The monks could stay there for only fifty years, because the Secularization Decree of Joseph II dismissed the order in 1782. Afterwards, friars left Majk; their cell-houses were occupied by workers. The Second World War brought changes in the region, when the cell number 13 got a rather illustrious inhabitant. The family Esterházy living in Majk was deported in 1951 to Hort in Heves County; only the grandmother Margit Károlyi – who might be familiar from Harmonia Cælestis – could stay in Majk. Due to an administrative error, she was not registered as a citizen of Budapest, thus she lived in the cell-house with her sibling in a small way. The “peasant countess”, as she called herself ironically, could not cook, but could write and read in four languages, wore a trench coat and her whole figure was surrounded by a special atmosphere. In summers, her grandchildren – including Péter Esterházy – came to see her to this small cell-house.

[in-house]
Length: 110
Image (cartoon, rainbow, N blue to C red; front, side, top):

In the wake of Franciscans of Gyöngyös – martyrdom of Szaléz Kiss
The order that was founded by Saint Francis of Assisi was already operating in Hungary in 1224. According to the tradition, the family Báthory settled the friars in Gyöngyös in the 1500s. Despite many difficulties, the community flourished in the settlement until the Second World War.
The Soviet troops occupied the town on 18 November in 1944, and then they converted the monastery into a hospital. In the beginning, there were no atrocities against the friars. A bit later, clerical magister Szaléz Kiss organised the Christian Democratic Youth Association in 1945, which might be a thorn in the flesh of the developing regime. During this period, there were negotiations between the episcopate and the state on the existence of religious orders. Obviously, Mátyás Rákosi wanted to exert his influence on this process.